The Labour Party’s governing body is reinstating a second referendum in its manifesto for elections in May if they are unable to change the Brexit deal or force a general election.
The National Executive Committee met to decide the wording of the manifesto and ruled against Labour campaigning for a referendum under all circumstances.
Instead, the ruling body decided the manifesto would be “fully in line” with Labour’s existing policy, a source told BBC News, and that they would demand a public vote if the government continues not to move on red lines.
“The NEC agreed the manifesto which will be fully in line with Labour’s existing policy to support Labour’s alternative plan and if we can’t get the necessary changes to the government’s deal, or a general election, to back the option of a public vote,” a source told BBC News.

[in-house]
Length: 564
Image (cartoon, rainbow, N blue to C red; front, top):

Deputy leader of the Labour Party Tom Watson – who has consistently pushed for a second vote – said the document would be released next week after leaving the National Executive Committee, however, did not state his view on the outcome of the meeting.
Only now Labour is making their position clear on whether they support a People’s Vote after having dodged the issue for months, which led to some MPs leaving and creating The Independent Group.
And it is yet to be confirmed what Labour’s referendum would be on but as suggested in a party briefing paper earlier this year, it stated the choices would need to have “a credible Leave option and Remain” on the ballot paper.
Gloria De Piero, MP for Ashfield, who is against a second referendum agreed with the decision on Twitter stating it would only be an “option”.
“Labour’s manifesto for the European Parliament will not contain a pledge to hold a second Brexit referendum,” she wrote, “The party’s ruling national executive committee agreed that another nationwide poll should only be an ‘option’ if it cannot force a general election”.